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    Incineration This is a method of destroying contaminated material by burning them in incinerator, and reducing them to ashes. Articles such as soiled dressings; animal carcasses, pathological material and bedding etc should be subjected to incineration.
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    iv. Hot air oven Introduced by Louis Pasteur. Articles to be sterilized are exposed to high temperature (1 60 degree C) for duration of one hour in an electrically heated oven.
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    Articles sterilized: - Metallic instruments (like forceps, scalpels, scissors) - Glassware (such as petri-dishes, pipettes, flasks) - Swabs - Pharmaceutical products. Sterilization cycle: - 60 minutes at 160 degree C - 40 minutes at 170 degree C - 20 minutes at 180 degree C
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    3. i. b). MOIST HEAT AT TEMPERATURE BELOW IOO DEGREE CELSIUS: PASTEURIZATION: There are two methods of pasteurization: - Holder method (heated at 63 degree C for 30 minutes) - Flash method (heated at 72 degree C for 15 seconds), followed by quickly cooling to 13 degree C. VACCINE BATH SERUM BATH INSPISSATION
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    AT IOO DEGREE CELSIUS: BOILING TYNDALLISATION STEAM AT IOO DEGREE - Koch's steam sterilizer - Arnold's steam sterilizer
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    iii. AT TEMPERATURE ABOVE IOO DEGREE CELSIUS: AUTOCLAVE Water boils at 1 00 degree C at atmospheric pressure, but if pressure is raised, the temperature at which the water boils also increases. In an autoclave the water is boiled in a closed chamber. As the pressure rises, the boiling point of water also raises. At a pressure of 15 lbs inside the autoclave, the temperature is said to be 121 degree C. Exposure of articles to this temperature for 15 minutes sterilizes them. 7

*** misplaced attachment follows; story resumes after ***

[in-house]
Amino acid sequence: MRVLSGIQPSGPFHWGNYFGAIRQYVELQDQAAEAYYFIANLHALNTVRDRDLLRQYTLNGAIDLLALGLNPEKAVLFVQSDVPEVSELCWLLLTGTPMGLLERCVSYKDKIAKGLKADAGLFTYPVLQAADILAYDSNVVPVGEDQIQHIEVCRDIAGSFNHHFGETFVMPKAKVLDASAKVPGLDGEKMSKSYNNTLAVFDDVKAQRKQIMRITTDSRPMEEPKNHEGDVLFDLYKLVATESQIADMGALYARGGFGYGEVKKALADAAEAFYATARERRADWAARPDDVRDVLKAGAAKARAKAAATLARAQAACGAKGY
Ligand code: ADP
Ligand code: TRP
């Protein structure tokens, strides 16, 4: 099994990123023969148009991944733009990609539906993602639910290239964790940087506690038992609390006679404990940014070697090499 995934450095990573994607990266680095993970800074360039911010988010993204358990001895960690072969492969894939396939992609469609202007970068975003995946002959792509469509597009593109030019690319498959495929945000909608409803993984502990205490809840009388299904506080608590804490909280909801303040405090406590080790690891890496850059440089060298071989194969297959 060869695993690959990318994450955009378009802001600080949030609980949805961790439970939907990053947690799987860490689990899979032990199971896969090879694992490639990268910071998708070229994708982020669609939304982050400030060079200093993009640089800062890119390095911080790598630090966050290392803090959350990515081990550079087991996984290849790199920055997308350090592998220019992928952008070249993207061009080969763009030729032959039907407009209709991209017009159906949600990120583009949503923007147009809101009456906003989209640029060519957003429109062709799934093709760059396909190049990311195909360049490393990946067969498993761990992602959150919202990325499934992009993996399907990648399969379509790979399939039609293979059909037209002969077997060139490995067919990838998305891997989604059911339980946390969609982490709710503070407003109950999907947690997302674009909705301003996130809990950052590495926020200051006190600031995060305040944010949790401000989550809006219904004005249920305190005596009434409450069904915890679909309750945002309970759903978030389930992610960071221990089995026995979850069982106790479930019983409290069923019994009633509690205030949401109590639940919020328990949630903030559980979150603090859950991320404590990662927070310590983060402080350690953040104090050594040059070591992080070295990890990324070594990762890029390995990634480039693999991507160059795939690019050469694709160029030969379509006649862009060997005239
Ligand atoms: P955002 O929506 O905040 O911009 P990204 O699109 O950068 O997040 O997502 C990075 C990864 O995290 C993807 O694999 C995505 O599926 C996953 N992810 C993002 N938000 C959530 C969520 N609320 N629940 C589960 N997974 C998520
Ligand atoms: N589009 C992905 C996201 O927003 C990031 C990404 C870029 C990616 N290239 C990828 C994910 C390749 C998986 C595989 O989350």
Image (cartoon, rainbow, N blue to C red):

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    Exhaust valve (to remove steam after sterilization) Steam to chamber Safety valve Pressure gauge Steam Operating valve (controls steam from jacket to chamber) Steam chamber Air Door Sediment screen Thermometer Perforated shelf Steam jacket Automatic ejector valve is thermostatically controlled and closes on contact with pure steam when air is exhausted. To waste line Copyright C 2004 Pearcon Education, bc.. pWishing as Benarnin Cummings. Pressure regulator for steam supply Steam supply
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    4. FILTRATION Filtration does not kill microbes, it separates them out. Membrane filters with pore sizes between 0.2-0.45 um are commonly used to remove particles from solutions that can't be autoclaved. It is used to remove microbes from heat labile liquids such as serum, antibiotic solutions, sugar solutions, urea solution. particle filter media fluid feed filtrate
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    , TYPES OF FILTERS: 1. 2. 3. 4. Earthenware filters a) Pasteur-Chamberland Filter b) Berkfeld filter c) Mandler filter Asbestos filters Sintered glass filters Membrane filters
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    5. RADIATION Two types of radiation are used, non-ionizing and ionizing. Non-ionizing (such as Infrared rays and ultraviolet rays) rays are low energy rays with poor penetrative power. Ionizing rays (such as gamma rays, X-rays, cosmic rays) are high-energy rays with good penetrative power. Since radiation does not generate heat, it is termed "cold sterilization".
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    6. SONIC AND ULTRSONIC VIBRATIONS Sound waves of frequency cycle/second kills bacteria and some viruses on exposing for one hour. High frequency sound waves disrupt cells. They are used to clean and disinfect instruments as well as to reduce microbial load. This method is not reliable since many viruses and phages are not affected by these waves.